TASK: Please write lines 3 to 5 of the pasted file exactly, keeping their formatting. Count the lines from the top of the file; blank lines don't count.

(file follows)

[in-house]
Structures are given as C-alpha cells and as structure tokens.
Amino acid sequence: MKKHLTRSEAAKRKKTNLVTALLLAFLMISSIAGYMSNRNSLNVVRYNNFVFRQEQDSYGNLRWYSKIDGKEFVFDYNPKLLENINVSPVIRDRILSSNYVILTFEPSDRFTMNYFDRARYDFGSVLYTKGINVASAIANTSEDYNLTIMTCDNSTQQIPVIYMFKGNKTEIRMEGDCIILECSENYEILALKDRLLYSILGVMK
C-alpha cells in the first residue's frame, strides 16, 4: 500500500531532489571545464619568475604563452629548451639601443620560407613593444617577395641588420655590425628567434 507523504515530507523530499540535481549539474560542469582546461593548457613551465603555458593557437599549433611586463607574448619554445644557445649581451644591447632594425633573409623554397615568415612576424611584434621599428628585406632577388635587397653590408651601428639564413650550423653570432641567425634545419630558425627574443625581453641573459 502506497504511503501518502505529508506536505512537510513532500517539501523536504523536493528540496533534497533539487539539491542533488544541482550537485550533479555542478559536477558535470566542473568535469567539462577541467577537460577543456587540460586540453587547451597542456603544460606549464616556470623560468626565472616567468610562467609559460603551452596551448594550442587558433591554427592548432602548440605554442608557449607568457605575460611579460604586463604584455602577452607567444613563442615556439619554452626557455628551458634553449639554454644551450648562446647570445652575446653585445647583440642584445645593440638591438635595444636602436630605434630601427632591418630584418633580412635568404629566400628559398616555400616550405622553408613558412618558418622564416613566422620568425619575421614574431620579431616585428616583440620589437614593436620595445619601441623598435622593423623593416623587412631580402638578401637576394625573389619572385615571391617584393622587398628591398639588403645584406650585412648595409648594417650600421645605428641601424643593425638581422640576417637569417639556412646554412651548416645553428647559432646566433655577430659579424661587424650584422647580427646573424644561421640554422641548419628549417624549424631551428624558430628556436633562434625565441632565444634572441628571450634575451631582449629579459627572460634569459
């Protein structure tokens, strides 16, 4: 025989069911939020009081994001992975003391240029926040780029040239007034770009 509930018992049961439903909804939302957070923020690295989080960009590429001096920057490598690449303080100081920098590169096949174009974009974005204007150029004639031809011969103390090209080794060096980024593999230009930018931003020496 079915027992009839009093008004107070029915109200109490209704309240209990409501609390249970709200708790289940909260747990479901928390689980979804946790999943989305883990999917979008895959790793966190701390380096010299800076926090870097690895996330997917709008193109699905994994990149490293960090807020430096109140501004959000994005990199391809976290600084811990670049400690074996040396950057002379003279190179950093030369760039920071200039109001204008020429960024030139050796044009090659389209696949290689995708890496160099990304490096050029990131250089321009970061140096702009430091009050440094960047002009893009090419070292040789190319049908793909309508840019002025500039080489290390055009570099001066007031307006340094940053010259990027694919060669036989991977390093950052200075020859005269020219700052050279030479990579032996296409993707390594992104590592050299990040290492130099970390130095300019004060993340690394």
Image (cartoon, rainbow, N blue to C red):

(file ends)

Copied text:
Amino acid sequence: MKKHLTRSEAAKRKKTNLVTALLLAFLMISSIAGYMSNRNSLNVVRYNNFVFRQEQDSYGNLRWYSKIDGKEFVFDYNPKLLENINVSPVIRDRILSSNYVILTFEPSDRFTMNYFDRARYDFGSVLYTKGINVASAIANTSEDYNLTIMTCDNSTQQIPVIYMFKGNKTEIRMEGDCIILECSENYEILALKDRLLYSILGVMK
C-alpha cells in the first residue's frame, strides 16, 4: 500500500531532489571545464619568475604563452629548451639601443620560407613593444617577395641588420655590425628567434 507523504515530507523530499540535481549539474560542469582546461593548457613551465603555458593557437599549433611586463607574448619554445644557445649581451644591447632594425633573409623554397615568415612576424611584434621599428628585406632577388635587397653590408651601428639564413650550423653570432641567425634545419630558425627574443625581453641573459 502506497504511503501518502505529508506536505512537510513532500517539501523536504523536493528540496533534497533539487539539491542533488544541482550537485550533479555542478559536477558535470566542473568535469567539462577541467577537460577543456587540460586540453587547451597542456603544460606549464616556470623560468626565472616567468610562467609559460603551452596551448594550442587558433591554427592548432602548440605554442608557449607568457605575460611579460604586463604584455602577452607567444613563442615556439619554452626557455628551458634553449639554454644551450648562446647570445652575446653585445647583440642584445645593440638591438635595444636602436630605434630601427632591418630584418633580412635568404629566400628559398616555400616550405622553408613558412618558418622564416613566422620568425619575421614574431620579431616585428616583440620589437614593436620595445619601441623598435622593423623593416623587412631580402638578401637576394625573389619572385615571391617584393622587398628591398639588403645584406650585412648595409648594417650600421645605428641601424643593425638581422640576417637569417639556412646554412651548416645553428647559432646566433655577430659579424661587424650584422647580427646573424644561421640554422641548419628549417624549424631551428624558430628556436633562434625565441632565444634572441628571450634575451631582449629579459627572460634569459
């Protein structure tokens, strides 16, 4: 025989069911939020009081994001992975003391240029926040780029040239007034770009 509930018992049961439903909804939302957070923020690295989080960009590429001096920057490598690449303080100081920098590169096949174009974009974005204007150029004639031809011969103390090209080794060096980024593999230009930018931003020496 079915027992009839009093008004107070029915109200109490209704309240209990409501609390249970709200708790289940909260747990479901928390689980979804946790999943989305883990999917979008895959790793966190701390380096010299800076926090870097690895996330997917709008193109699905994994990149490293960090807020430096109140501004959000994005990199391809976290600084811990670049400690074996040396950057002379003279190179950093030369760039920071200039109001204008020429960024030139050796044009090659389209696949290689995708890496160099990304490096050029990131250089321009970061140096702009430091009050440094960047002009893009090419070292040789190319049908793909309508840019002025500039080489290390055009570099001066007031307006340094940053010259990027694919060669036989991977390093950052200075020859005269020219700052050279030479990579032996296409993707390594992104590592050299990040290492130099970390130095300019004060993340690394």